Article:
Grass Tree Resin

Xanthorrhoea (Grass tree) is a genus of evergreen plants endemic to Australia with about 30 species, all of which are now protected. Australian Aboriginal people had many traditional uses for Grass trees, which included making tools and weapons, and they provided a minor food source. But they were particularly useful for their resin.

The plant’s trunk provides a resin presented as exuded nodules that are attached to the trunk or found on or buried in the ground at the base of the plant. Generally, the resin is a dull black but when its broken, its colour is ruby red, orange or a brilliant yellow resin, depending on the plant species. The resin also gives off an aroma, which made it useable for incense. The versatility of this resin made it a valuable trading item amongst Aboriginal tribes.

The Grass tree resin holds the leaf base in place and can be found throughout the outer stem, even in really old specimens and when the trunk is broken up, a mass of old resin will be found. This is also why globules of resin form on the outside of the trunk and near the base. Collecting the balls of resin is the best way to extract the resin so as not to harm the plant.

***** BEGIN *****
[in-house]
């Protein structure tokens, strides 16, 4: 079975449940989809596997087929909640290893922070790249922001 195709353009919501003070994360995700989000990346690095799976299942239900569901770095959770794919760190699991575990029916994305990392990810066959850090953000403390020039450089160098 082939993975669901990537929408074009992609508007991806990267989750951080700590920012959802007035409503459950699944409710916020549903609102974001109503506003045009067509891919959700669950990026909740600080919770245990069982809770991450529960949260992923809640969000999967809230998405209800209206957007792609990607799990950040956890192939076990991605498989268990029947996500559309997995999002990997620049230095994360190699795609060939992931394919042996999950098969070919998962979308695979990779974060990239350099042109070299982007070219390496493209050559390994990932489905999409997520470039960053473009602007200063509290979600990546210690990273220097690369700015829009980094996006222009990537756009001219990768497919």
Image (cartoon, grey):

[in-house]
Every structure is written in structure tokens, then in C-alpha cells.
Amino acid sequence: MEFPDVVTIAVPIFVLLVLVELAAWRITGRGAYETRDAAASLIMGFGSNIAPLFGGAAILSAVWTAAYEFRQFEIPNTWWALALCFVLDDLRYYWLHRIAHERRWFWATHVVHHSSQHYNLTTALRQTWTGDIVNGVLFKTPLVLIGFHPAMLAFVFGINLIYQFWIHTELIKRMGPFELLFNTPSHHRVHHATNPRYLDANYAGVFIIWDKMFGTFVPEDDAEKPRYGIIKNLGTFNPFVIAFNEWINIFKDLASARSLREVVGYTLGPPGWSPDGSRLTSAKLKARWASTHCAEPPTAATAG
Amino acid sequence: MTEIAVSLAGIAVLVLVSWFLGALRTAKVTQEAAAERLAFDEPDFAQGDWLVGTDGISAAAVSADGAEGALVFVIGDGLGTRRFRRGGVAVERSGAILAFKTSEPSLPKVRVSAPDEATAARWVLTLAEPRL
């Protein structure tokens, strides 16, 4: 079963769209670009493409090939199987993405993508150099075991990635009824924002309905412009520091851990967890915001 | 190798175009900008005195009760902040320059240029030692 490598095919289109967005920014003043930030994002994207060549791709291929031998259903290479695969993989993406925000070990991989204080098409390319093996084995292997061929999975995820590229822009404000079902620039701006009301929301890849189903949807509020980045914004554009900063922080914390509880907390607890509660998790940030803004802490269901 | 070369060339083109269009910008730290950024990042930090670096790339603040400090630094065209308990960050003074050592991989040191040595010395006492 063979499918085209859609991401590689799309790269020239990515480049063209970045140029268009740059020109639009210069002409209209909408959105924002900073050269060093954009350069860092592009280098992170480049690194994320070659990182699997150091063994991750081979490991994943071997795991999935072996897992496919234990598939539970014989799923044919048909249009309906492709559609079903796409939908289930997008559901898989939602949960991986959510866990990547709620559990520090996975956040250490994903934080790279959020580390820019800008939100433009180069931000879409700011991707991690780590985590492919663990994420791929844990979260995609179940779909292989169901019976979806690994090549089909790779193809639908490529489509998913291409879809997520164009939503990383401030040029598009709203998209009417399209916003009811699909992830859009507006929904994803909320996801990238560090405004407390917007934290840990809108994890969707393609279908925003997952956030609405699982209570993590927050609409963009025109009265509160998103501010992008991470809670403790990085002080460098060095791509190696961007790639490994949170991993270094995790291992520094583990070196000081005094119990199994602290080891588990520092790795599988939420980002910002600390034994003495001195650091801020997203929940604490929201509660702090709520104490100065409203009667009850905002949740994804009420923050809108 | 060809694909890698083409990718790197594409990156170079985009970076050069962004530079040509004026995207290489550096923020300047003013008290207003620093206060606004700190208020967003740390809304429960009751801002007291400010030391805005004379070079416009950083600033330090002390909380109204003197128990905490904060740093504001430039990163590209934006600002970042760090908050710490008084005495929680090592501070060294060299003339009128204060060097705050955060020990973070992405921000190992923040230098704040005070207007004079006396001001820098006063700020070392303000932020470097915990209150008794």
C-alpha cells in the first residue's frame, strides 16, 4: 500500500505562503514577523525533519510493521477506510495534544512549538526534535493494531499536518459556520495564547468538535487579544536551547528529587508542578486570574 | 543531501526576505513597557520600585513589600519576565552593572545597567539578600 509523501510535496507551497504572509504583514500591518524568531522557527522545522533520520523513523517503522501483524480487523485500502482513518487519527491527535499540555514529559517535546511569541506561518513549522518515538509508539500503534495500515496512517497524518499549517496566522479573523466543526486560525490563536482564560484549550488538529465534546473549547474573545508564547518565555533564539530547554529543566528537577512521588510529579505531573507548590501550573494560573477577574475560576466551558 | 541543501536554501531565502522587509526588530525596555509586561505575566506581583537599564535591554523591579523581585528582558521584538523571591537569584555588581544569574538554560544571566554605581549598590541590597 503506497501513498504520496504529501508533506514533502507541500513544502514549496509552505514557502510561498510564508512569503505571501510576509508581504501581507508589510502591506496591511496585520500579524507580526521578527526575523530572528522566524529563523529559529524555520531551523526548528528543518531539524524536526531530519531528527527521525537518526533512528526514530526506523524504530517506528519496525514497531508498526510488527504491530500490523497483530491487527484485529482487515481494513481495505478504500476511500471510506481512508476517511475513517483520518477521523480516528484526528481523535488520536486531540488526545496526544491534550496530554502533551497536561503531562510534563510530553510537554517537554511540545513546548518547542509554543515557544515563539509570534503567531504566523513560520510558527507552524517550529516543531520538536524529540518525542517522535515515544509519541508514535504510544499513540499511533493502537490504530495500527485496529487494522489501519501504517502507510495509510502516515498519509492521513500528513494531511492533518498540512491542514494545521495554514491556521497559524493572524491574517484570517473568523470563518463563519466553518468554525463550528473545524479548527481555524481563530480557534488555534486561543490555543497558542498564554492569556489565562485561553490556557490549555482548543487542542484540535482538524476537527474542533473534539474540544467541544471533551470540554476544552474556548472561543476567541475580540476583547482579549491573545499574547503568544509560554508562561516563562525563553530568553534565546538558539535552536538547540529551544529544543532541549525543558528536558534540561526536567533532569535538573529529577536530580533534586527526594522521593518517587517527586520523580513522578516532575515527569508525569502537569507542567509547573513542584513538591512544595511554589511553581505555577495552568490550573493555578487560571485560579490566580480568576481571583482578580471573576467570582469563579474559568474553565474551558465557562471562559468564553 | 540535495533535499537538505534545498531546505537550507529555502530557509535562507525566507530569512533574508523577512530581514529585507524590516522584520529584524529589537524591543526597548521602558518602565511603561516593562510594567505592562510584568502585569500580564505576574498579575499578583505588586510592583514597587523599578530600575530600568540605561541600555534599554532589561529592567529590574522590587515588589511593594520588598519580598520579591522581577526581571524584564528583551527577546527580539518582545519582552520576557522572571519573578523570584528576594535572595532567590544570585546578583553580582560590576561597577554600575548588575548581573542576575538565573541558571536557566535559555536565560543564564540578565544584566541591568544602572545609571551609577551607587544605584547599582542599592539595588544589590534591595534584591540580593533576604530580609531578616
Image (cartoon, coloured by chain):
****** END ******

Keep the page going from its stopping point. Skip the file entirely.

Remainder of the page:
After gathering the resin nodules from the Grass trees, they were heated to form a type of glue. On its own, the resin is quite brittle, so it was usually mixed with charcoal, sand, fur, or animal droppings to strengthen the binding properties and create a more stable cement medium. This glue was essential for attaching axe heads and spear points to handles and shafts, and for many other adhesive purposes. The resin is waterproof, unlike normal tree sap, and thus also effective in repairing water containers and bark canoes.

The resin’s melting point is below the boiling point of water. At first, it liquifies and separates from the woody plant material. After removing the resin part, it is flexible and can be shaped and has a similar consistency to that of blue tack. Once the resin cools, it hardens to form a solid, hard, glassy, and non-sticky material.

The Grass tree was also commonly referred to as the Yacca (Yakka), which was a reference to ‘hard yakka’ meaning strenuous work when harvesting the resin as a sifted dust by Europeans in the early 20th century. During this period, Grass trees were extensively harvested for the production of explosives, wood varnish, stove polish and as a metal coating for tins as well as an alternative to shellac gramophone records.

Regrettably, the European harvesting techniques resulted in the plant’s decimation from many natural environments where they were once prevalent. Although the Grass tree has offered immense value to both the Australian Aborigines and Europeans, its future lies in the hands of the landowners and nature conservationists to preserve the remaining populations. It is a true icon of the Australian bush, providing a unique identity to the region’s landscape.





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